Virginia Tech's College of Engineering recently inducted six new members at its 17th annual Academy of Engineering Excellence. The academy consists of 141 alumni out of Virginia Tech's more than 65,000 living engineering alumni who have achieved exceptional career successes.
“This alumni group represents some of our most dedicated ambassadors,” said Richard C. Benson, dean of the College of Engineering and the Paul and Dorothea Torgersen Chair of Engineering. “The inducted alumni epitomize the spirit of Ut Prosim to the fullest extent.”
The academy inductees are: Randy Albert of Bluefield, West Virginia; Ken Anderson of Blacksburg, Virginia; Keith Englander of Alexandria, Virginia; John Lemons of Cupertino, California; Lynn Nystrom of Christiansburg, Virginia; and Kirk Spitzer of Richmond, Virginia.
At the ceremony, the college also presented its Outstanding Young Alumni Achievement Award to Frank King of Mount Laurel, New Jersey.
The academy was founded in 1999 by F. William Stephenson, former dean of the College of Engineering, and by the college's advisory board.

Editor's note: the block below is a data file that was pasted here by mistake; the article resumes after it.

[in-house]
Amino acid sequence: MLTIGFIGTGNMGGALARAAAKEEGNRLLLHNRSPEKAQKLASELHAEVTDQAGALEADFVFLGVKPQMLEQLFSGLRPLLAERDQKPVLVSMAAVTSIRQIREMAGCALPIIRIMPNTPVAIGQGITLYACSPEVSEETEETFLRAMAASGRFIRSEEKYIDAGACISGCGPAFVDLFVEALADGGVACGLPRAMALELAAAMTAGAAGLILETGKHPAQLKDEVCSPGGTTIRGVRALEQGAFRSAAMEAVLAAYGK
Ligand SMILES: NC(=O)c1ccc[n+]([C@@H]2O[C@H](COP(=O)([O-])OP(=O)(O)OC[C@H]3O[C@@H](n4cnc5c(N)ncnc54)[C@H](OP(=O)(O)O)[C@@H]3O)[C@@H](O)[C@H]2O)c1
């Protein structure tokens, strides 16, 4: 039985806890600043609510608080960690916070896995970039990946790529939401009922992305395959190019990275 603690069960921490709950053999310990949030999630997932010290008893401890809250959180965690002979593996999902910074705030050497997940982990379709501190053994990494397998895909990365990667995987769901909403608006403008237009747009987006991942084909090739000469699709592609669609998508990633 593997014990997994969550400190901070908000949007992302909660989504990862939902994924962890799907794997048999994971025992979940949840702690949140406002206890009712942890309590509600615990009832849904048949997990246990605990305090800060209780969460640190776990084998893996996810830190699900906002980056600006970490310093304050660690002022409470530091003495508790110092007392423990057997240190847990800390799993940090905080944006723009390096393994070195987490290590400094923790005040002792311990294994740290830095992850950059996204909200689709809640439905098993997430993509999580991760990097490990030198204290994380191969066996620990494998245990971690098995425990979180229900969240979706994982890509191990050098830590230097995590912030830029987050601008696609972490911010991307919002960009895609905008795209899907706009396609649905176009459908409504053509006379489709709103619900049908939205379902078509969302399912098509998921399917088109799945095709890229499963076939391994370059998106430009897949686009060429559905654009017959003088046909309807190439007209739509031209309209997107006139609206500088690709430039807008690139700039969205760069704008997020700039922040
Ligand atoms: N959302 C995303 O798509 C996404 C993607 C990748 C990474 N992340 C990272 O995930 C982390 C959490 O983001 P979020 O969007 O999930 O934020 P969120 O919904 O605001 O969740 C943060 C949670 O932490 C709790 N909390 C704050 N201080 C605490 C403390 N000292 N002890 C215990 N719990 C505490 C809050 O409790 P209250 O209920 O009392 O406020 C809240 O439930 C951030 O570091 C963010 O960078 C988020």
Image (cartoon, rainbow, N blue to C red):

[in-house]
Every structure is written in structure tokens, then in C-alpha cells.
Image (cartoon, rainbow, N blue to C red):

2016 Academy of Engineering Excellence inductees
Randall M. Albert
Bachelor’s degree, mining engineering
Class of 1980
Immediately following graduation, Randy Albert went to work for CONSOL, now known as CONSOL Energy. One of his first tasks to figure out how to degasify the Pocahontas number three coal seam ahead of mining to reduce the amount of combustible methane, which Albert described as “gassiest bituminous coal bed in the world.” Albert and his team came up with the idea of hydraulically fracturing the coal seam to allow the methane to escape. Traditional engineers worried the fracturing process would destabilize the mine roof and make the coal impossible to mine, but in 1985 Albert was successful and was charged to lead the company's coal bed methane gas operation in Southern Appalachia. Albert retired as chief operations officer of CONSOL’s CNX Gas Company in 2013 after an eventful 34-year career. He has served on the board of directors of the Virginia Oil and Gas Association, the Coalfield Water Development fund, and the Virginia Tech mining engineering advisory board. Currently, Albert is helping Virginia Tech’s department of mining and minerals to develop their natural gas engineering program.
S. Kendall Anderson
Bachelor’s degree in civil engineering
Master’s in environmental engineering
Classes of 1962 and 1970